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1.6: Plan of Action

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  • A popular title for surveys of cognitive science is What is cognitive science? (Lepore & Pylyshyn, 1999; von Eckardt, 1995). Because this one is taken, a different title is used for the current book. But steering the reader towards an answer to this excellent question is the primary purpose of the current manuscript.

    Answering the question What is cognitive science? resulted in the current book being organized around two central themes. One is to introduce key ideas at the foundations of three different schools of thought: classical cognitive science, connectionist cognitive science, and embodied cognitive science. A second is to examine these ideas to see whether these three “flavours” of cognitive science can be unified. As a result, this book is presented in two main parts.

    The purpose of Part I is to examine the foundations of the three schools of cognitive science. It begins in Chapter 2, with an overview of the need to investigate cognitive agents at multiple levels. These levels are used to provide a framework for considering potential relationships between schools of cognitive science. Each of these schools is also introduced in Part I. I discuss classical cognitive science in Chapter 3, connectionist cognitive science in Chapter 4, and embodied cognitive science in Chapter 5.

    With the foundations of the three different versions of cognitive science laid out in Part I, in Part II, I turn to a discussion of a variety of topics within cognitive science. The purpose of these discussions is to seek points of either contention or convergence amongst the different schools of thought.

    The theme of Part II is that the key area of disagreement amongst classical, connectionist, and embodied cognitive science is the nature of the cognitive architecture. However, this provides an opportunity to reflect on the technical details of the architecture as the potential for a unified cognitive science. This is because the properties of the architecture—regardless of the school of thought—are at best vaguely defined. For instance, Searle (1992, p. 15) has observed that “‘intelligence,’ ‘intelligent behavior,’ ‘cognition’ and ‘information processing,’ for example are not precisely defined notions. Even more amazingly, a lot of very technically sounding notions are poorly defined—notions such as ‘computer,’ ‘computation,’ ‘program,’ and ‘symbol’” (Searle, 1992, p. 15).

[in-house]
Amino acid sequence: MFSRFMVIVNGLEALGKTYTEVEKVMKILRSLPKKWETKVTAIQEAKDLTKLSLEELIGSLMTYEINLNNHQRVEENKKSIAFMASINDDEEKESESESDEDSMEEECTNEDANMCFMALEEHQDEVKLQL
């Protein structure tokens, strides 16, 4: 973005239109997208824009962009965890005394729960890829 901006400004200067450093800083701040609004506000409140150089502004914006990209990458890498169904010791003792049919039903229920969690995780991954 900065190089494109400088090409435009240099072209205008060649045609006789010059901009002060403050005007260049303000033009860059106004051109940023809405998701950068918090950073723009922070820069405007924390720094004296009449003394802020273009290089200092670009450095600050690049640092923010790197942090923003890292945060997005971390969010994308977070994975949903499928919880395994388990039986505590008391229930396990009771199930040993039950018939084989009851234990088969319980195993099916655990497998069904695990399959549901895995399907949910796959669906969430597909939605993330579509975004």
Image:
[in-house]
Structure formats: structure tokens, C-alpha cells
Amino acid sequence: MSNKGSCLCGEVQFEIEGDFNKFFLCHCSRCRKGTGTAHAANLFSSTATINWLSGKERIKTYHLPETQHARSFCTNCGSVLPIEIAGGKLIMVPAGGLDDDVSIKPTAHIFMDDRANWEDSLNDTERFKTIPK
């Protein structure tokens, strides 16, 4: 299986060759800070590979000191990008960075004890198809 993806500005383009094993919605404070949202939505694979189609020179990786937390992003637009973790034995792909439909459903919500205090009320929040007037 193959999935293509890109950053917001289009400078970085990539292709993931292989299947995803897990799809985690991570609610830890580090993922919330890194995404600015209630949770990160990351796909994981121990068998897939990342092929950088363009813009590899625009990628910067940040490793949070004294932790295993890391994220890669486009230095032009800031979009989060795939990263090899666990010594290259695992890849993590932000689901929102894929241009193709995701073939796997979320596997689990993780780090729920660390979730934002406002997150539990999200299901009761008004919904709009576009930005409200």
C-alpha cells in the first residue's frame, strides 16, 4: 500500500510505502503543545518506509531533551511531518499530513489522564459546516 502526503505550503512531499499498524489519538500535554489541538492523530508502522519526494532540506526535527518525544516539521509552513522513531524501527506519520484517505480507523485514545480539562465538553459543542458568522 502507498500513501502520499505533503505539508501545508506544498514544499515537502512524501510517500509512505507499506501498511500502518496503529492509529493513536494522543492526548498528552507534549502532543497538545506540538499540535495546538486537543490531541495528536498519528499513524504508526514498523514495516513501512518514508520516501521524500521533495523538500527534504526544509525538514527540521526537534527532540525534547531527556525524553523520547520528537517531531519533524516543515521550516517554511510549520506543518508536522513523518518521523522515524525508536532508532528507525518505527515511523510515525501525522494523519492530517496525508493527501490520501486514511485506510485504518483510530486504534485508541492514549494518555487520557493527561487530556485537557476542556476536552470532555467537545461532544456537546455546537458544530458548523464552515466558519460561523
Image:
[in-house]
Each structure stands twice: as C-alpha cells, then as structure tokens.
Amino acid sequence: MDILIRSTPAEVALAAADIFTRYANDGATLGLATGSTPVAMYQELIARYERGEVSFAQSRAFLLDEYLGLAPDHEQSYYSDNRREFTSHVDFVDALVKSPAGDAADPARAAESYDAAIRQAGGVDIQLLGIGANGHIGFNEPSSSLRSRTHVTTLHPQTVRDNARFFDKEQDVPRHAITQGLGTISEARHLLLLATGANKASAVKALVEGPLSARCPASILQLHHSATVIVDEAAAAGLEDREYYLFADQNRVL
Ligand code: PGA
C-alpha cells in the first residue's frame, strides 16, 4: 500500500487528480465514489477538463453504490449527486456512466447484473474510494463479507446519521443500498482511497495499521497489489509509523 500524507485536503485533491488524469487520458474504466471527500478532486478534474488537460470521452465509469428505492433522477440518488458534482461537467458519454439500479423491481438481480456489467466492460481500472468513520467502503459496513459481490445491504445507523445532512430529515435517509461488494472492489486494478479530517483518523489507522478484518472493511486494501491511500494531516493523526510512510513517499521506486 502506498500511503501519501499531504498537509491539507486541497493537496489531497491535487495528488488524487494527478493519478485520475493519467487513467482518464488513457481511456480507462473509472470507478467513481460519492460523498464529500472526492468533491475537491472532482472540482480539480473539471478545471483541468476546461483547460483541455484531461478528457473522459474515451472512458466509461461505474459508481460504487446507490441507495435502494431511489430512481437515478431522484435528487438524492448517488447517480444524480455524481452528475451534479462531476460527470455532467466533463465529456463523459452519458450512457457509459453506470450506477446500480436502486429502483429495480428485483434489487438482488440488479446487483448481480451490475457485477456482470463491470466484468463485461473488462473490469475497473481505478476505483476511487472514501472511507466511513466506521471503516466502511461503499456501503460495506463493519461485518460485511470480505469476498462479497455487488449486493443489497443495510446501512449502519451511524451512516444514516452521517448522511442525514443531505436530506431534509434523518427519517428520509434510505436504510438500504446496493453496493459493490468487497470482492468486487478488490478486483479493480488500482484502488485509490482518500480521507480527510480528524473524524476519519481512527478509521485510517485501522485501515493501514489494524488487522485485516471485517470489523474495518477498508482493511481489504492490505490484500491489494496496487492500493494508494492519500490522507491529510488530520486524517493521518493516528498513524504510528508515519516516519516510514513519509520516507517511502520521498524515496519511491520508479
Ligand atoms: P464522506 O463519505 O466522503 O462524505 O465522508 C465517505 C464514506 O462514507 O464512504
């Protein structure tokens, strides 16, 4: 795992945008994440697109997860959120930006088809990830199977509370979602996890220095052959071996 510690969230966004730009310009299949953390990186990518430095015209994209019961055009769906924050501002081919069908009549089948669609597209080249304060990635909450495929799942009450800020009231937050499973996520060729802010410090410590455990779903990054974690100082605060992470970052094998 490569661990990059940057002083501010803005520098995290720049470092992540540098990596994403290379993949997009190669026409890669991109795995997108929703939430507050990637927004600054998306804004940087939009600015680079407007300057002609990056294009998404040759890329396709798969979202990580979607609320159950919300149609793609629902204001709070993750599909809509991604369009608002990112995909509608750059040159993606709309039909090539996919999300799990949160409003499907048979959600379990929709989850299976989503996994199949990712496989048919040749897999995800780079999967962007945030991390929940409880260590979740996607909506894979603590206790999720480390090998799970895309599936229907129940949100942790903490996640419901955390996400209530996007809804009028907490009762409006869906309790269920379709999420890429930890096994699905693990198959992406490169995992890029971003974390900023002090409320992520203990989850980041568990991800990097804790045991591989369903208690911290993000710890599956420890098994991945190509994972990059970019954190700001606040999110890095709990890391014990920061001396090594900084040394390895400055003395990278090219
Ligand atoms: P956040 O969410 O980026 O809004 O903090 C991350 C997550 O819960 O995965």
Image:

In Part II, I also present a wide range of topics that permit the different schools of cognitive science to make contact. It is hoped that my treatment of these topics will show how the competing visions of the different schools of thought can be coordinated in a research program that attempts to specify an architecture of cognition inspired by all three schools.

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